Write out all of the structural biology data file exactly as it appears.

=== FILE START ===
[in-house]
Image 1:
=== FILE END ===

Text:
[in-house]
Image 1: